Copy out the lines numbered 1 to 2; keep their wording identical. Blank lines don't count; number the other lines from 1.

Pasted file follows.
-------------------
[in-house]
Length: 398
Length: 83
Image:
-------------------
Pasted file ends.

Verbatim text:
[in-house]
Length: 398